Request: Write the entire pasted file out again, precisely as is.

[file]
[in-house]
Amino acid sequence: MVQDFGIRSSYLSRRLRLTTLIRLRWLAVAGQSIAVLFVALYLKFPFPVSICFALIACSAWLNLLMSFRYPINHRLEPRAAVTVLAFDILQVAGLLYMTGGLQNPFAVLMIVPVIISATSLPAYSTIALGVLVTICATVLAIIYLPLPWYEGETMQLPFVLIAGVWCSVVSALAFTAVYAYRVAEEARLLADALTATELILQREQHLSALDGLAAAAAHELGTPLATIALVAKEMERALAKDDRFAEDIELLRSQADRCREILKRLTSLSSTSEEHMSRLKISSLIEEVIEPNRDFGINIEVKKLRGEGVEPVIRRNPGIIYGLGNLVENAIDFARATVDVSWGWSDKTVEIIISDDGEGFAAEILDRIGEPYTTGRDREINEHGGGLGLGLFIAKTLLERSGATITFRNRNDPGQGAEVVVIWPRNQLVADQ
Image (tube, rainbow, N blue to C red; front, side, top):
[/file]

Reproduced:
[in-house]
Amino acid sequence: MVQDFGIRSSYLSRRLRLTTLIRLRWLAVAGQSIAVLFVALYLKFPFPVSICFALIACSAWLNLLMSFRYPINHRLEPRAAVTVLAFDILQVAGLLYMTGGLQNPFAVLMIVPVIISATSLPAYSTIALGVLVTICATVLAIIYLPLPWYEGETMQLPFVLIAGVWCSVVSALAFTAVYAYRVAEEARLLADALTATELILQREQHLSALDGLAAAAAHELGTPLATIALVAKEMERALAKDDRFAEDIELLRSQADRCREILKRLTSLSSTSEEHMSRLKISSLIEEVIEPNRDFGINIEVKKLRGEGVEPVIRRNPGIIYGLGNLVENAIDFARATVDVSWGWSDKTVEIIISDDGEGFAAEILDRIGEPYTTGRDREINEHGGGLGLGLFIAKTLLERSGATITFRNRNDPGQGAEVVVIWPRNQLVADQ
Image (tube, rainbow, N blue to C red; front, side, top):